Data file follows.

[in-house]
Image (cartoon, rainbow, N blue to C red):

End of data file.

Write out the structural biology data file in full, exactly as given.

[in-house]
Image (cartoon, rainbow, N blue to C red):